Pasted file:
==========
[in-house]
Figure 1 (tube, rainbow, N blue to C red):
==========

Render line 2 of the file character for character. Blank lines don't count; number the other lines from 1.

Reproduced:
Figure 1 (tube, rainbow, N blue to C red):